Web 2.0, the next “World Wide Web,” offers safety and health pros new ways to exchange information and collaborate online. Now you and your organization can share valuable information in communities whose members may never actually talk face to face. Some Web 2.0 applications you might want to check out include wikis, social-networking sites, blogs, podcasts and other methods that use RSS feeds (Really Simple Syndication).
No doubt you have heard the term Web 2.0, but you may not know what it means or how it can be used to positively affect safety and health in the workplace. Like most new things in technology, there are uses for safety and health professionals that you might want to learn more about.
A “wiki” is a site where users create or edit reference material. The best-known example iswww.wikipedia.org, an online encyclopedia updated and edited by users. If you work for a company with an IT department, it will most likely be able to help you set up your own wiki, but if not, there are several sites that will host your wiki for you.
Wikis can be great tools for safety professionals seeking input on safety programs, policies, training materials, presentations, audit results and/or best practices. With an internal safety wiki, you could develop something new and have all affected parties collaborate on the project.
For example, if you were about to start a major new building project and wanted to develop a contractor safety program, you could post a draft, and everyone with access to the wiki could add or edit sections.
MySpace and Facebook
You may have seen social networking sites such as MySpace and Facebook in the news. MySpace is generally thought to be more for the youngest of the social networkers and Facebook for those in college. But these sites can be and are used by businesses.
Many companies have set up “groups” on Facebook for the purpose of networking, disseminating information and providing a place for members to chat or post in a forum.
For example, you might want to set up a page or listing for your safety committee members. Each person could build his own profile and then you could use the page to provide updates to the committee.
With any “free for all” sites, you need to carefully control your listing to make sure it works for you and your safety program. Setting up a page in MySpace or Facebook is relatively easy, but you might want to check with your HR or legal department to make sure you are following company rules.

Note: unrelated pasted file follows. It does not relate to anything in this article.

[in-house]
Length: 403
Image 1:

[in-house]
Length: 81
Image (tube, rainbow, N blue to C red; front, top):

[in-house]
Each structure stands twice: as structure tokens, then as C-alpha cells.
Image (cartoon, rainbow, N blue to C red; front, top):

A social networking site geared towards professionals is LinkedIn. If you go to LinkedIn and search under “safety,” you will find others in the safety and health field you might want to connect to. You might not think of yourself as much of a networker, and you might hate to attend dinners and meetings, but with LinkedIn, networking becomes very easy; in fact, you can do it from your desk. LinkedIn can also be useful if you are looking for a new job, hoping to hire someone or checking out someone you are considering doing business with. Again, check with HR if you are considering using it for this purpose since policies vary from company to company.
Really Simple Syndication
RSS, or Really Simple Syndication, allows you to quickly share information you update frequently. RSS documents (called feeds) can be read with an RSS Reader such as Google’s Reader or Bloglines. If you regularly visit multiple websites to see what’s new, you could subscribe to the sites’ RSS feeds instead and have that information delivered to you.
An RSS feed also allows companies and groups to send news your way without requiring you to make the effort to go to them for it.
For example, you might ask others in your company to regularly check a safety department website for announcements and updated training class schedules. Users signed up to receive the feed will be sent the information automatically. Many companies and organizations, including OSHA, use RSS feeds to improve their communication, and most of the RSS feeds also allow you to receive the feed via an email.
Blogs, podcasts and webcasts
Blogs, podcasts and webcasts work similarly to RSS feeds. Blogs are easy to create and can be a great way to quickly and easily set up a simple website. If you want to publicize an upcoming safety and health fair you have planned, you could use a blogging system such as TypePad or Google’s Blogger. One of the advantages of blogs is that you do not need a web developer to update the site for you, and your changes or postings are immediately available.
Podcasts and webcasts also use an RSS Reader, but you listen or watch them instead of reading them. One easy way to subscribe to podcast and webcast feeds is through ITunes. If you are an ITunes user (you don’t need an IPod to use it) and are familiar with “syncing” a player such as an IPod, it will be very easy to get started. As with a blog, you find a “feed” you are interested in and then subscribe to it so it gets sent to your “Reader” whenever there is an update.
Podcasts are for people who don’t have much time to read and are especially beneficial for individuals who spend a lot of time in the car. If you have a large group of field personnel such as drivers, sales reps or even loss-control professionals, you can provide them with frequent news updates, changes to procedures or even information about new programs while they are on the road. Podcasts are also easy to put together, requiring only a decent microphone and a software program such as AudioAcrobat.
Take advantage of Web 2.0 tools
As a safety and health pro, you’re responsible for sharing and communicating a lot of valuable information, and Web 2.0 can help. Learn what is out there and how you can use it to make all your communication efforts easier and more effective.